Wholesale datacenter colocation
colo meets wholesale: Pricing in the balance?

Today, there is a tremendous oversupply of datacenter space in all major markets.

These datacenter companies built huge facilities with the philosophy that if you build it, they will come.

Boy, were they wrong! They have not been able to fill them on bit, and as a result are losing a lot of money. Running an unfilled datacenter is very expensive.

These datacenter operators come to us regularly to ask if could help fill their space.

As a result, we created the NAME YOUR OWN PRICE datacenter ecosystem. You tell us the type of datacenter you want to be in (called the Tier level), your physical space and power requirements, and how much you would like to pay.

We will only match you with datacenters that meet your requirements and pricing. We are the Priceline of the datacenters.

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Cabinet Types

At most datacenters, full cabinets are between 42 and 48 rack units while half cabinets are between 21 and 24 rack units. Both full and half cabinets are four post, lockable secure racks for computer equipment such as servers, storage and firewalls.

Power Types

In US datacenters, power is available in both 120 volt and 208 volt configurations. Newer computer equipment often runs more efficiently and "cooler" with 208 volt power. Amps are a measure of the amount of electric charge passing a point in an electric circuit. The higher the amps, the more equipment can be installed in the cabinet. Datacenters often think in terms of Kilowatts, which can be obtains from multiplying volts x amps. For example: a 208 volt, 30 amp full cabinet is 6.24 kilowatts.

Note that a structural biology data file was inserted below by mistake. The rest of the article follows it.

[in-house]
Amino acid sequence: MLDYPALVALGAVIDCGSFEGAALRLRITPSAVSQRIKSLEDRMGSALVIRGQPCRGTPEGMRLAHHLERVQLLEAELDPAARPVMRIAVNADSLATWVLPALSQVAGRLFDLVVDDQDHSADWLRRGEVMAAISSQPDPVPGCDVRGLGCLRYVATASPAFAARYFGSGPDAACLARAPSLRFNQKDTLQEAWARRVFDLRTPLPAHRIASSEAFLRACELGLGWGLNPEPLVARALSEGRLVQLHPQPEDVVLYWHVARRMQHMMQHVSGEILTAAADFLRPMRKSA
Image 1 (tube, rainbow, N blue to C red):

We are often asked by datacenter operators when you would need your colocation service. Datacenters sometimes have limited space or power capacity, so this lets us tell them when to expect your arrival so they can plan ahead.

Datacenter Tiers

The datacenter tiers are a well-known four tier system that provides a simple and effective means for identifying different data center site infrastructure design topologies. The Uptime Institute's tiered classification system is an industry standard approach to site infrastructure functionality addresses common benchmarking standard needs. For more detailed information, click here.

95th Percentile

95th percentile is a way to meter bandwidth usage that allows a customer to burst beyond their committed base rate, and still provides the carrier with the ability to scale their billing with the cost of the infrastructure and transit commits (if any). Its an alternative to either capped ports with fixed billing or actual data transferred, which are models more frequently seen outside the datacenter where occasional bursting is either not allowed or penalized with higher bills.

Carriers sample the amount of data transferred on a customer's port(s) every 5 minutes and use that value to derive a data rate (typically in megabits per second or Mbps) for that 5 minute interval. Over the course of a customers monthly billing cycle, around 8000 of these samples are taken. These values are then sorted and ranked by percentile, and the value that falls on the 95th percentile will be the customer's bill for the month if it exceeds their base commit rate. The higher a customer's base commit rate, the lower their per-Mbps cost will be, allowing to bulk purchase of bandwidth and well as less volatility in the event their 95th percentile rate exceeds their base commit. For a fairly normal business traffic pattern, that provides a value that is fair to both the carrier and the customer in terms of service delivered to the customer and the ability of the carrier to scale its infrastructure to meet customer needs over time.

Most datacenters use a five minute sampling and 95% usage when calculating usage.